One of the many debates over the new health care law is whether increased access to health insurance really improves the public’s overall health and financial security. Even though there are hundreds of studies comparing insured and uninsured groups of people, there’s nothing definitive so far that answers the question one way or the other. The problem is getting clean data which clearly demonstrates behavior before and after people have had access to health care, rather than comparing two separate groups of people.
But a new study by a group of economists and health care researchers may provide the first empirical evidence that shows expanding health care coverage to low-income individuals does result in better reported health, more preventative care, and improved financial well-being.
The study looks at the first year of results following Oregon’s Medicaid lottery in 2008, in which the state added an extra 10,000 people to its Medicaid plan — a natural experiment that provided a handy bit of research and cost-benefit analysis, considering that in 2014 between 16 million and 20 million new people are expected to be added to Medicaid under the new health-care law, which requires states to extend Medicaid to all adults up to 133 percent of the federal poverty level.
Here’s the abstract:
In 2008, a group of uninsured low-income adults in Oregon was selected by lottery to be given the chance to apply for Medicaid. This lottery provides a unique opportunity to gauge the effects of expanding access to public health insurance on the health care use, financial strain, and health of low-income adults using a randomized controlled design. In the year after random assignment, the treatment group selected by the lottery was about 25 percentage points more likely to have insurance than the control group that was not selected. We find that in this first year, the treatment group had substantively and statistically significantly higher health care utilization (including primary and preventive care as well as hospitalizations), lower out-of-pocket medical expenditures and medical debt (including fewer bills sent to collection), and better self-reported physical and mental health than the control group.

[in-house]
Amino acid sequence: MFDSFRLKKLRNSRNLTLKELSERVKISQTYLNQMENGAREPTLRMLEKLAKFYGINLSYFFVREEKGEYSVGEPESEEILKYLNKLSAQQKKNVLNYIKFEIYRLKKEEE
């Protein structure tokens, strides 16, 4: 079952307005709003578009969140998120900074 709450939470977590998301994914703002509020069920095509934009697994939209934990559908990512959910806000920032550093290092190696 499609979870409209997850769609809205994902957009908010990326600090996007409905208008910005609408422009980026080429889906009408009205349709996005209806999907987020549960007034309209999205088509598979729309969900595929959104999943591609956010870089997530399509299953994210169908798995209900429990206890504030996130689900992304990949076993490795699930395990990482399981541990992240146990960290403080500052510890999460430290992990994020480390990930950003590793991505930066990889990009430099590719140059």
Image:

The study found that having insurance boosted individual spending on medical care by an extra $778, about a 25% increase. Here’s a breakdown:
- 30% increase in the probability of having a hospital admission.
- 15% increase in the probability of taking prescription drugs.
- 35% increase in the probability of having an outpatient visit.
People also sought more preventative care once they were covered:
- 20% increase in the probability of having one’s blood cholesterol checked.
- 15% increase in the probability of ever having one’s blood tested for high blood sugar or diabetes.
- 60% increase in the probability of having a mammogram within the last year among women 40 and over.
- 45% change in the probability of having a pap test within the last year (for women).
The study also found a statistically significant decline in measures of financial strain:
- 25% decline in the probability of having an unpaid medical bill sent to a collection agency.
- 35% decline in having any out-of-pocket medical expenditures.
Lastly, the study did show that people self-reported improved physical and mental health after having access to health insurance:
- 10% increase in the probability of screening negative for depression.
- 25% increase in the probability of reporting one’s health as good, very good, or excellent.
- 32% increase in self-reported overall happiness.
The authors weren’t sure whether the low-income participants would actually feel worse about their health once they learned more about it. Though much of the self-reported improvement happened almost immediately after enrollment (before new enrollees even sought medical treatment), it suggests that much of the change was due to an improved overall sense of well-being, rather than any improvements in physical health.